You learn there’s a sad little dragon languishing on a distant, undiscovered island and you realize you’ve got to save him.The problem is that you’ve committed to a dangerous adventure without ever having seen or heard of the island or the dragon before. And if you don’t act fast, sooner or later, the doubts will creep in: do the dragon and the island actually exist?
The story, Ruth Stiles Gannett’s My Father’s Dragon, has several narrators [a recent English edition: Dover Publications, 2019. ISBN 9780486837499]. The first is a child, the author of the book. (It won’t even occur to a reader that it could be, say, a grown lady, writing her book in the unimaginably distant past—1946.) So, of course, the author is a young boy, a child the reader’s age—it couldn’t be otherwise. Especially since he’s retelling the adventures the second storyteller, his father Elmer, had when he was little.
But there would have been no adventures if it weren’t for the third narrator, the cat little Elmer picks up on the street one day.
Elmer’s mom doesn’t like cats, and she’s adamant about not letting any into the house. Elmer quickly realizes that if Mom says “no,” there’s no hope of a “yes.” And so he leaves home, along with the cat.
The cat breathes free and starts reminiscing. Once, he was traveling across the ocean and ended up on Wild Island. No, no. First, it was the Island of Tangerina—a happy place, a blessed land. And then from there he went right to Wild Island.
That’s where the baby dragon is held, tied to a stake. The tigers and gorillas that dwell on the island use him as a form of transportation. A dragon is a strong, flying animal and can fly across the wide, muddy river that cuts through the island. Otherwise, it’s a long, hot, boring slog to get around it. They need someone who will carry a heavy gorilla or scary crocodile through the air. Crocodiles could have carried passengers and mail across the river, but crocodiles are very moody, and not the least bit dependable, and are always looking for something to eat.
And so the little dragon’s fate is decided: he’s held captive, tied up and enslaved. He cries, with no hope of relief.
The dragon must be saved! Elmer sets off on an adventure, the coordinates for which can’t be plotted. He has no map, no money, no adult to help. In the end, what he has is just right for things to turn out exactly as they should.
But little Elmer, our narrator’s future father, doesn’t know that yet.
That’s not to say he doesn’t prepare for his journey. He absolutely does.
He took chewing gum, two dozen pink lollipops, a package of rubber bands, black rubber boots, a compass, a tooth brush and a tube of tooth paste, six magnifying glasses, a very sharp jackknife, a comb and a hairbrush, seven hair ribbons of different colors, an empty grain bag with a label saying ‘Cranberry,’ some clean clothes, and enough food to last [him] while he was on the ship.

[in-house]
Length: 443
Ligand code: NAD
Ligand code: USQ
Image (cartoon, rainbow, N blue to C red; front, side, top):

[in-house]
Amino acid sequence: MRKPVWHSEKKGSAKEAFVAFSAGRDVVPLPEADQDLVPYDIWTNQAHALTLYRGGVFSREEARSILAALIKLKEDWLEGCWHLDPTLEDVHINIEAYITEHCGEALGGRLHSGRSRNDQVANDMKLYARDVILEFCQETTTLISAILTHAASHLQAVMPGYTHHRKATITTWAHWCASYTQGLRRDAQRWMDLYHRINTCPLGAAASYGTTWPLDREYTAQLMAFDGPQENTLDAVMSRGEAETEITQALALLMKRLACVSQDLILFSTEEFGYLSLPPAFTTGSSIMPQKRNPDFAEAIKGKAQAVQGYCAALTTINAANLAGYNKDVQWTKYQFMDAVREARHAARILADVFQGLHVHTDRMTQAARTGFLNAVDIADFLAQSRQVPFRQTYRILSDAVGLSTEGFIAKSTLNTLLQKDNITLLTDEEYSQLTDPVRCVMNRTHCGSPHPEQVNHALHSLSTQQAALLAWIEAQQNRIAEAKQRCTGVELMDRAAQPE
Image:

Elmer’s foresight in his preparations will surprise us: not one item from his backpack will have been chosen in vain. Every single one comes in handy when he gets to Wild Island.
Plenty of surprises await. But all will seem to conform to a certain order and rhythm—at least when it comes to breakfasts, lunches, and dinners.
Elmer crosses the ocean hidden in a sack of wheat stowed on a ship. The sailors suspect there’s something else in there, but it never occurs to them that it could be an actual person. “Dried corn on the cob!” they decide, and unload the suspicious bag along with the others. The merchant in Cranberry who had ordered the wheat didn’t count his bags until the next morning. (He was a very punctual man, and never late for dinner.)
Mealtimes turn the plot in our protagonist’s favor. Step by step, snack by snack, Elmer moves toward his goal. There’s the negotiation with a rhino, the bridge built from crocodiles, the meeting with hungry tigers—the mission to save the dragon is a slow one. The book, on the other hand, is a quick read.
“Maybe you think we have regular meal-times, but we don't. We just eat whenever we're feeling hungry," said the fifth tiger.
"And we're very hungry right now. In fact, I can hardly wait," said the sixth.
"I can't wait!" said the seventh tiger.
The adventure could well have become scary and dangerous, but in the end, it’s funny. The situations little Elmer finds himself are poised to be dramatic, but devolve into a fun adventure, where everyone gets what he most needs—and what he most needed so as not to become mean in the first place. There’s an irrepressible hope that all will be well. Not only will obstacles be overcome, they may pass practically unnoticed.
"Lollipops!" said the crocodile. "Why, that is a treat! How about it, boys?"
A whole chorus of voices shouted, "Hurrah! Lollipops!" and my father counted as many as seventeen crocodiles with their heads just peeping out of the water.
The road ahead is a fun and easy one: the tangerines haven’t run out, you can convince predators you’re more than food, and you get to fly back on a dragon, rather than coming back the way you came, where you’ve seen and tried it all.
Translated from the Russian by Alisa Cherkasova
Book cover image: doverpublications.com
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